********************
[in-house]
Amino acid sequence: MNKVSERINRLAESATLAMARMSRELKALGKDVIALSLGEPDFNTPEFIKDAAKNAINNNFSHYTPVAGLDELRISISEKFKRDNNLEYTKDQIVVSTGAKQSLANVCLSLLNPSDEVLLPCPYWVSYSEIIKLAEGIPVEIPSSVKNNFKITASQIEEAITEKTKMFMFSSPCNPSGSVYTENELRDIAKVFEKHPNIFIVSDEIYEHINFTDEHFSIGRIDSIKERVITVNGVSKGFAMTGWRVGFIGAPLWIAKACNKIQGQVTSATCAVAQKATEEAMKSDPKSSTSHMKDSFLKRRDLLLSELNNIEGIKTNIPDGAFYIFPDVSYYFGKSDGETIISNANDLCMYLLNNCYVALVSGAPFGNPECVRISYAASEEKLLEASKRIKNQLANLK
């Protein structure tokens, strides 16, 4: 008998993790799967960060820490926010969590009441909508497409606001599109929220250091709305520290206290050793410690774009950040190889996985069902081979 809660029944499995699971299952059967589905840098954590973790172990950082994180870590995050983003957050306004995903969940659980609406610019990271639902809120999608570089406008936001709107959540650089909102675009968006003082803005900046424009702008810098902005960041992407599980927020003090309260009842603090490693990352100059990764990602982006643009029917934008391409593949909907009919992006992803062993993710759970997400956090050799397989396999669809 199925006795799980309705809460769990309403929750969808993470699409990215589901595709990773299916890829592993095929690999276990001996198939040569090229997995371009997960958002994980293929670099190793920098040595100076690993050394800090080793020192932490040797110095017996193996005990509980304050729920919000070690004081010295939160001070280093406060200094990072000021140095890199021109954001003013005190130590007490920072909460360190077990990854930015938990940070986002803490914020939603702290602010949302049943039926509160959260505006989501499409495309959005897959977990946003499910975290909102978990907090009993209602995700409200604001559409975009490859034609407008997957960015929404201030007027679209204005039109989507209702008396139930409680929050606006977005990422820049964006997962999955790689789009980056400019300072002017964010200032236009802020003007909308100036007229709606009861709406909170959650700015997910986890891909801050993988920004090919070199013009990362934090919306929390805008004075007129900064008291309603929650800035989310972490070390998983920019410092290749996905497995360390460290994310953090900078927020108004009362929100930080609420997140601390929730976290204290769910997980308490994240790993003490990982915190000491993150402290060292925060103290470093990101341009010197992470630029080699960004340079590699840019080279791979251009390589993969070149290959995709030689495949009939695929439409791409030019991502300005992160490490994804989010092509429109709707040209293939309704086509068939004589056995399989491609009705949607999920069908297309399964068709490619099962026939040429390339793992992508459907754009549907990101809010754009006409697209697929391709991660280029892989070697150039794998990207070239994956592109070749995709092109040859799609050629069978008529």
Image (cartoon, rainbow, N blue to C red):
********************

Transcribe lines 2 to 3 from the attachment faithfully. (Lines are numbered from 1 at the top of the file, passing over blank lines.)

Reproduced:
Amino acid sequence: MNKVSERINRLAESATLAMARMSRELKALGKDVIALSLGEPDFNTPEFIKDAAKNAINNNFSHYTPVAGLDELRISISEKFKRDNNLEYTKDQIVVSTGAKQSLANVCLSLLNPSDEVLLPCPYWVSYSEIIKLAEGIPVEIPSSVKNNFKITASQIEEAITEKTKMFMFSSPCNPSGSVYTENELRDIAKVFEKHPNIFIVSDEIYEHINFTDEHFSIGRIDSIKERVITVNGVSKGFAMTGWRVGFIGAPLWIAKACNKIQGQVTSATCAVAQKATEEAMKSDPKSSTSHMKDSFLKRRDLLLSELNNIEGIKTNIPDGAFYIFPDVSYYFGKSDGETIISNANDLCMYLLNNCYVALVSGAPFGNPECVRISYAASEEKLLEASKRIKNQLANLK
């Protein structure tokens, strides 16, 4: 008998993790799967960060820490926010969590009441909508497409606001599109929220250091709305520290206290050793410690774009950040190889996985069902081979 809660029944499995699971299952059967589905840098954590973790172990950082994180870590995050983003957050306004995903969940659980609406610019990271639902809120999608570089406008936001709107959540650089909102675009968006003082803005900046424009702008810098902005960041992407599980927020003090309260009842603090490693990352100059990764990602982006643009029917934008391409593949909907009919992006992803062993993710759970997400956090050799397989396999669809 199925006795799980309705809460769990309403929750969808993470699409990215589901595709990773299916890829592993095929690999276990001996198939040569090229997995371009997960958002994980293929670099190793920098040595100076690993050394800090080793020192932490040797110095017996193996005990509980304050729920919000070690004081010295939160001070280093406060200094990072000021140095890199021109954001003013005190130590007490920072909460360190077990990854930015938990940070986002803490914020939603702290602010949302049943039926509160959260505006989501499409495309959005897959977990946003499910975290909102978990907090009993209602995700409200604001559409975009490859034609407008997957960015929404201030007027679209204005039109989507209702008396139930409680929050606006977005990422820049964006997962999955790689789009980056400019300072002017964010200032236009802020003007909308100036007229709606009861709406909170959650700015997910986890891909801050993988920004090919070199013009990362934090919306929390805008004075007129900064008291309603929650800035989310972490070390998983920019410092290749996905497995360390460290994310953090900078927020108004009362929100930080609420997140601390929730976290204290769910997980308490994240790993003490990982915190000491993150402290060292925060103290470093990101341009010197992470630029080699960004340079590699840019080279791979251009390589993969070149290959995709030689495949009939695929439409791409030019991502300005992160490490994804989010092509429109709707040209293939309704086509068939004589056995399989491609009705949607999920069908297309399964068709490619099962026939040429390339793992992508459907754009549907990101809010754009006409697209697929391709991660280029892989070697150039794998990207070239994956592109070749995709092109040859799609050629069978008529």